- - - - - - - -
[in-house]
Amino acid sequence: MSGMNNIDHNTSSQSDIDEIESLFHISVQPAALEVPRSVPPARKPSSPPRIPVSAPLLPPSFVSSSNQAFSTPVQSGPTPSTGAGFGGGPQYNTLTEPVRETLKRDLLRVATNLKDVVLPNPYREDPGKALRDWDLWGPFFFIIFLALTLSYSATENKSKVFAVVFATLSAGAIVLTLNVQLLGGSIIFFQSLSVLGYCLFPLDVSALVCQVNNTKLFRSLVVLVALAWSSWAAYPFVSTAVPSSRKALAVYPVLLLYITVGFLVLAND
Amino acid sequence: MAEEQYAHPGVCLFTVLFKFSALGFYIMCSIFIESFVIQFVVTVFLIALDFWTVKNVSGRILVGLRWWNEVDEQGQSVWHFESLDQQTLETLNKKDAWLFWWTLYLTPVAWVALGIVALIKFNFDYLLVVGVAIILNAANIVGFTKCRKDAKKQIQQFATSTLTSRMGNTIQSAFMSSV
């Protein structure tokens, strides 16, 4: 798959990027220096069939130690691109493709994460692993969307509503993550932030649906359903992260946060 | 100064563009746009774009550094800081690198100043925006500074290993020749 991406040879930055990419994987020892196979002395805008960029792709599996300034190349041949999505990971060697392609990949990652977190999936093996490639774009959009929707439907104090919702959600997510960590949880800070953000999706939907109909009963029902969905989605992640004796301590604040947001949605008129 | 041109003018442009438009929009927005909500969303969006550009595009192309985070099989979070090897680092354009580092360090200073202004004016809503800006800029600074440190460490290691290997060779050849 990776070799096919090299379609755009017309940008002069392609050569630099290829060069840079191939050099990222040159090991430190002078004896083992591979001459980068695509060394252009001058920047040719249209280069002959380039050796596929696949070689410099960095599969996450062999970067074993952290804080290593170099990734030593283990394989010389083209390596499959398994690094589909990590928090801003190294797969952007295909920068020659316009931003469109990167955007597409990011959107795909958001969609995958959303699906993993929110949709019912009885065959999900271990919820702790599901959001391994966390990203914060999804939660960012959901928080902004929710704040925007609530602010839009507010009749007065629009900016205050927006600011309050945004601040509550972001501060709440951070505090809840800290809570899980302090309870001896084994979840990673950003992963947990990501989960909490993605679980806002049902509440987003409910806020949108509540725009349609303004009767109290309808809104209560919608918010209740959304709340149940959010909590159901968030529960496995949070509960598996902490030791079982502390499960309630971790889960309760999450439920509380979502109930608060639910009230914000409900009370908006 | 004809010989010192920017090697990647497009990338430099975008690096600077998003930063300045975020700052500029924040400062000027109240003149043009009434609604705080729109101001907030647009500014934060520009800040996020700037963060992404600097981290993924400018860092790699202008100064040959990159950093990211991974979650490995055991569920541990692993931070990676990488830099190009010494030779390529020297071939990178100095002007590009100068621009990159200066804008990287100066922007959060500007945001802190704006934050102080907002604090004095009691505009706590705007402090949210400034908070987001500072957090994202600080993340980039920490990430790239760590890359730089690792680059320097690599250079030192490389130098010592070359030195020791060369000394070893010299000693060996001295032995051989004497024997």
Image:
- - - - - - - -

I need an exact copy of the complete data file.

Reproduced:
[in-house]
Amino acid sequence: MSGMNNIDHNTSSQSDIDEIESLFHISVQPAALEVPRSVPPARKPSSPPRIPVSAPLLPPSFVSSSNQAFSTPVQSGPTPSTGAGFGGGPQYNTLTEPVRETLKRDLLRVATNLKDVVLPNPYREDPGKALRDWDLWGPFFFIIFLALTLSYSATENKSKVFAVVFATLSAGAIVLTLNVQLLGGSIIFFQSLSVLGYCLFPLDVSALVCQVNNTKLFRSLVVLVALAWSSWAAYPFVSTAVPSSRKALAVYPVLLLYITVGFLVLAND
Amino acid sequence: MAEEQYAHPGVCLFTVLFKFSALGFYIMCSIFIESFVIQFVVTVFLIALDFWTVKNVSGRILVGLRWWNEVDEQGQSVWHFESLDQQTLETLNKKDAWLFWWTLYLTPVAWVALGIVALIKFNFDYLLVVGVAIILNAANIVGFTKCRKDAKKQIQQFATSTLTSRMGNTIQSAFMSSV
């Protein structure tokens, strides 16, 4: 798959990027220096069939130690691109493709994460692993969307509503993550932030649906359903992260946060 | 100064563009746009774009550094800081690198100043925006500074290993020749 991406040879930055990419994987020892196979002395805008960029792709599996300034190349041949999505990971060697392609990949990652977190999936093996490639774009959009929707439907104090919702959600997510960590949880800070953000999706939907109909009963029902969905989605992640004796301590604040947001949605008129 | 041109003018442009438009929009927005909500969303969006550009595009192309985070099989979070090897680092354009580092360090200073202004004016809503800006800029600074440190460490290691290997060779050849 990776070799096919090299379609755009017309940008002069392609050569630099290829060069840079191939050099990222040159090991430190002078004896083992591979001459980068695509060394252009001058920047040719249209280069002959380039050796596929696949070689410099960095599969996450062999970067074993952290804080290593170099990734030593283990394989010389083209390596499959398994690094589909990590928090801003190294797969952007295909920068020659316009931003469109990167955007597409990011959107795909958001969609995958959303699906993993929110949709019912009885065959999900271990919820702790599901959001391994966390990203914060999804939660960012959901928080902004929710704040925007609530602010839009507010009749007065629009900016205050927006600011309050945004601040509550972001501060709440951070505090809840800290809570899980302090309870001896084994979840990673950003992963947990990501989960909490993605679980806002049902509440987003409910806020949108509540725009349609303004009767109290309808809104209560919608918010209740959304709340149940959010909590159901968030529960496995949070509960598996902490030791079982502390499960309630971790889960309760999450439920509380979502109930608060639910009230914000409900009370908006 | 004809010989010192920017090697990647497009990338430099975008690096600077998003930063300045975020700052500029924040400062000027109240003149043009009434609604705080729109101001907030647009500014934060520009800040996020700037963060992404600097981290993924400018860092790699202008100064040959990159950093990211991974979650490995055991569920541990692993931070990676990488830099190009010494030779390529020297071939990178100095002007590009100068621009990159200066804008990287100066922007959060500007945001802190704006934050102080907002604090004095009691505009706590705007402090949210400034908070987001500072957090994202600080993340980039920490990430790239760590890359730089690792680059320097690599250079030192490389130098010592070359030195020791060369000394070893010299000693060996001295032995051989004497024997």
Image: